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Quicker and slicker: new initiatives to improve clinical trial delivery

Published date: 
16/11/2011

Faster study set-up times, reduced bureaucracy and timely patient recruitment - these things are central to the success of commercial clinical trials, and key to a thriving life-sciences industry here in the UK.  During 2011, the National Institute for Health Research Clinical Research Network launched a number of new initiatives to support pharma companies and CROs in delivering research studies in the NHS.  Dr Jonathan Sheffield, chief executive of the NIHR Clinical Research Network, examines these latest developments, and what they could mean for timely commercial study delivery.

Take a look at the government's recent Plan for Growth, and it is immediately apparent that the life-sciences industry is right at the heart of political thinking about a healthy and diverse economy.  This is good news, but of course these policies need to be translated into action on the ground, to help companies to deliver on their domestic clinical research ambitions.  One of the organisations playing a key role in this practical delivery is the National Institute for Health Research Clinical Research Network. 

The NIHR Clinical Research Network was set up by the Department of Health to help both academic and commercial researchers to deliver research in the NHS, in line with study timescales and patient recruitment targets.  The support provided includes funding and training "front-line" staff (such as research nurses, and data professionals) to carry out trial activities, and practical help in identifying and recruiting NHS patients onto studies.  

The Clinical Research Network is already well known by many of the major commercial companies, which have been using the Network's "off-the-shelf" tools such as the standard Industry Costing Template to reduce the time taken to negotiate the cost of carrying out trials in the NHS, and the model Clinical Trial Agreement to speed up contracting between companies and NHS organisations.  However, in recent months, a number of new developments have been launched that extend the support.

The first development is the Study Start-Up Route Map.  Quite rightly, every study which takes place in the NHS needs the relevant approvals and permissions before the trial can commence.  However, many life-sciences researchers have found it difficult to know who to go to for study initiation, what information is needed, and at what stage - which can slow down the process of getting a trial up and running.  The Clinical Research Network put together the Study Start-Up Route Map as an easy-to-follow guide that shows what to do, and what support is available, to minimize delays in the start-up process.  The Route Map was tested out at a recent meeting attended by more than 100 life-sciences research professionals, and received much positive feedback. 

The Network has also introduced a number of performance management tools such as study milestone schedules and Red-Amber-Green reports that facilitate the early identification of any performance issues, so they can be resolved in a timely way - and that is just the start.  We are also about to begin a major improvement programme, based around "lean" principles, that should see study start-up processes and the management of patient recruitment become more effective, and more efficient.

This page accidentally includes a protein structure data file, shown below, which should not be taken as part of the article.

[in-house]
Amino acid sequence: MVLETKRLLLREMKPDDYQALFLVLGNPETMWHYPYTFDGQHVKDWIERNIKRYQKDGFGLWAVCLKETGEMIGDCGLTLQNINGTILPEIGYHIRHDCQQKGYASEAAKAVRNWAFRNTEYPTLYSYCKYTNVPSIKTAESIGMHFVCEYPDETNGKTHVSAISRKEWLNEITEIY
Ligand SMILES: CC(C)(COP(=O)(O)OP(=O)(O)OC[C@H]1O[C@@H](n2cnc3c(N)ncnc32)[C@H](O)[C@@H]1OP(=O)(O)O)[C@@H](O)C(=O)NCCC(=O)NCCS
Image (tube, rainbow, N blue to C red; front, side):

A further development involves the NIHR Clinical Research Network developing a number of "green shoots" sites - NHS Trusts that are new to commercial research, and keen to get involved with clinical trials sponsored and/or funded by life-sciences companies.  Understandably companies often look to run studies in sites that they already know well, but this can lead to capacity issues in popular NHS Trusts.  Recently we have developed a series of "heat spot" maps, which show the concentration of clinical trials in NHS Trusts in England, and also the places that are under-utilized.  Our "green shoots" campaign will help to open up some of these under-utilized sites to industry, to extend overall access to patient populations, and maximize the opportunities for full recruitment to trials." 

Backing both of these developments is a final initiative - Network Champions.  The Champions will be life-sciences company employees who receive special training to become "super-users" of the Clinical Research Network and its services, capable of guiding commercial colleagues on how to access the various support tools available.  Whilst the first wave of Champions is likely to come from the major pharma companies, there are already plans to extend the Champions group further as the initiative develops.  If the clinical research system is to work well, there needs to be a strong dialogue between the commercial research community, and the Clinical Research Network staff who are charged with supporting this activity.  The Champions group will become in-house experts, helping others in their company to tap into the help that's on offer.  This group will also help us to shape new ideas about how to streamline systems and improve research delivery even further for the future.

For further information on the NIHR Clinical Research Network initiatives for industry, visit:www.supportmystudy.nihr.ac.uk 

By Dr Jonathan Sheffield, chief executive of the NIHR Clinical Research Network.

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